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The Best Beers of Summer

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Summer beers are a breed apart. The best of them provide refreshment and quench the thirst of red-blooded American men and women across the country who desperately need liquid sustenance after weekend afternoons mowing the lawn and grilling, or days lounging on the beach. And because these folks deserve only the best the world's breweries have to offer, each year when the sun starts shining full-force, a flood of special edition summer beers hits liquor store shelves.

Summer beer is, of course, a relative thing. Some people are perfectly happy quaffing a stout or porter on a 90 plus degree day. But most of us are looking for something lighter – a beer that's at its best when ice cold and doesn't have too much weight. A summer beer is crisp, refreshing, and demands more with every sip. That's why lagers, pilsners, witbiers and saisons are the first to be dropped in coolers as America embarks for picnics, clambakes and bonfires - and why so many brewers are willing to cook up batches of something special. The challenge, of course, is determining which of these bottles and cans are worth dropping some of the pocket change that's all too rare these days on.

Fortunately, there are some great ones to spend that hard-earned cash on. Here are a few:

Surly Schadenfreude – Sure, it may have been named the most hipster state in the country, but if any state knows how to squeeze every possible bit of pleasure out of summer, it's Minnesota. Surly is known for its sometimes brutally hop-forward beers, but Schadenfreude is tailor-made for a warm summer night. It's a Dunkel Lager, meaning it's a dark lager flavored and colored with Munich malts. They tend to be a bit weightier than a lighter lager, but still all sorts of drinkable. Surly prides itself on complex beers, so the roasted caramel flavors are offset by aging the brew in Minnesota oak casks and making the traditionally malt-heavy beer a bit hoppier, adding a bracing bitter note to the mix. The combination works beautifully. The can is a nice touch as well, keeping the liquid inside safe from the summer sun. Plus, it's a bit more portable than a glass bottle, albeit a big surprise for anyone who grabs a can and expects to gulp it down like a Bud.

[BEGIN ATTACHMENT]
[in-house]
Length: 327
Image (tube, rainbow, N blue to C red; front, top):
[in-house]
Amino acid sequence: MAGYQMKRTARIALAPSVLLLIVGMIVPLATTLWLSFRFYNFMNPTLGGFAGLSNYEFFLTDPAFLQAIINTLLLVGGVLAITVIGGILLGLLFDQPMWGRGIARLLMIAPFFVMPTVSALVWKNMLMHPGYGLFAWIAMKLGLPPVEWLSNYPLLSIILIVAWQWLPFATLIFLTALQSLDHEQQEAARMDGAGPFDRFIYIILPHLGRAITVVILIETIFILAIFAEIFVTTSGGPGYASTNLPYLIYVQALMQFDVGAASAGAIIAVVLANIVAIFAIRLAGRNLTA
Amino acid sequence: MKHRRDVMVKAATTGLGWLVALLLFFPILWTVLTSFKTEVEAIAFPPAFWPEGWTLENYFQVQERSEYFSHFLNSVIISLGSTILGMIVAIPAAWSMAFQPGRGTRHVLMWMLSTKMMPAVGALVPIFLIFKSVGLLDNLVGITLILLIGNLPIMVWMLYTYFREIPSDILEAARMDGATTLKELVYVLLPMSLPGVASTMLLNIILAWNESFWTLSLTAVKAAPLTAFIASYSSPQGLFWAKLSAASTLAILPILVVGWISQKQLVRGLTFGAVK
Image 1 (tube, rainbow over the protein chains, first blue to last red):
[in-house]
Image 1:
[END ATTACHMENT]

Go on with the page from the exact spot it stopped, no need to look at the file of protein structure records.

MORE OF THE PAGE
Dogfish Head Festina Peche – Dogfish Head is known for bizarre beers and this one, while delicious, is no exception. It's a Berliner Weissbier, which is traditionally made with lactic cultures, producing an oddly refreshing sour green apple-like flavor. The addition of peaches to the fermentation, however, gives the beer an intense peachy aroma perfect for summer picnics. The fruit flavor doesn't come through as clearly on the tongue, but it does add a touch of sweetness and makes adding a slice of orange or lemon somewhat redundant. It pours a cloudy gold and has an almost creamy texture that's cut nicely by the tart flavors and heavy carbonation, and at only 4.5 percent ABV it's definitely not hard to lose an afternoon in a four-pack or two. But it's not for everyone – the flavors that make it so unique also make it polarizing. But that's ok since it just means there's likely to be more for you.

Three Floyd's Apocalypse Cow – Three Floyd's in Munster, Indiana is another brewery with a reputation for producing tasty, albeit non-traditional, brews. Living in the middle of Indiana does strange things to people, after all. The company's double IPA, Apocalypse Cow, which will hit store shelves in the next few weeks, is no exception. It's hugely complex, but like most IPA's it's incredibly satisfying on a brutal summer day. Hops are here in spades, rearing their bitter heads on the nose and with every swallow, but the addition of lactose adds a creamy sweetness that brings the beer into near perfect balance. It's a somewhat frightening traffic cone orange in the glass, but that just adds to the intrigue for those who like a big bold hoppy beer. It's easy to drink, with a little citrus up front, but the hops are still the main event, as they should be.

Brooklyn Brewery Summer Ale – A traditional English “luncheon ale,” named for its ability to refresh without bogging people down early in the day thanks to its low alcohol content. It's a pale straw gold, with a nice bready and yeasty aroma and just a faint kick of hops. There's some citrus there too, lending all the cool sweetness a summer ale should have. And at only 5 percent ABV it goes down all too easy. That six-pack will disappear in a hurry, so keep it at the bottom of the cooler where your friends will have to dig for it.

Abita Wheat – About as straightforward as it gets, Abita Wheat is another wheat beer, but a lager instead of a traditional ale. It pours a luminous yellow gold, with a slight haze from the yeasts used. It's clean and crisp, with some slight lemon and malt flavors overlaying what is an incredibly drinkable, even gulpable, beer. It's everything anyone could ask for after moving a few hundred yards of mulch or pushing a mower over an acre or two and working up an honest sweat. Plus, Abita Brewing, located just a few miles away from New Orleans, is a great reminder that no matter how many the times the Gulf Coast gets beat up, the people there still know how to have a good time.

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